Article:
According to the NIH, “LSD users quickly develop a high degree of tolerance to the drug’s effects, such that repeated use requires increasingly larger doses to produce similar effects.” This can be dangerous, even with drugs like LSD that do not cause the harmful physical effects in high doses that other substances like opioids or alcohol do. A person who takes an extremely high dose of a psychedelic drug (salvia included) may become extremely disassociated from their surroundings and possibly do something dangerous. This is why tolerance is a heavy concern when it comes to psychedelic drug use.
“Use of hallucinogenic drugs also produces tolerance to other drugs in this class, including psilocybin and mescaline.” This is called cross-tolerance and can mean that a a person could become tolerant to more than one psychedelic drug by using a specific drug. While “use of classic hallucinogens does not, however, produce tolerance to drugs that do not act directly in the same brain cell receptors,” there is still a possibility that a person can become tolerant to salvia without cross-tolerance from other drugs.
Salvia and Opioid Receptors
Salvia itself works differently than some other psychedelic drugs, meaning that there is another potential way for tolerance to develop when an individual uses it for long enough. According to the NIH, “While classified as a dissociative drug, salvia causes its effects by activating a specific type of opioid receptor (the kappa opioid receptor) on nerve cells.”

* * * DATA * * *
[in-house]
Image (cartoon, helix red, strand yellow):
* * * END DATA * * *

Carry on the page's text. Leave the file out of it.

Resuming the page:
While these receptors are different from those which are activated by opioid drugs, there is still a possibility that salvia can cause tolerance in long-term abuse the same way opioids do by causing the receptors it acts on to need more of the drug over time. This is a possible issue that, with more research, could be better understood.
Am I Developing a Salvia Tolerance?
Because of the low level of research on the long-term effects of salvia and the differences between salvia itself and other psychedelic drugs, it is difficult to be certain that salvia tolerance can exist. But, if you are a long-term salvia user, you may feel some of the effects of tolerance when you use the drug. Ask yourself the questions below and consider whether or not you might be developing a salvia tolerance:
- Do I use salvia every day?
- Does my salvia use and experience feel different than it did when I first started taking the drug?
- Do I take more salvia than I did when I first started?
- Do I feel like, if I didn’t take more, I wouldn’t feel the effects as strongly as I want to or as I once did?
- Am I constantly hoping to feel the way I did the first time I took salvia?
- Am I considering switching to another drug with more intense effects because salvia no longer affects me the way I want it to?
If you answered yes to the questions above, it is likely that you are developing a salvia tolerance. While many psychedelic drugs do not cause addiction, tolerance and cross-tolerance is common, especially in those who use constantly. While research is scarce, it seems likely that developing a salvia tolerance is possible.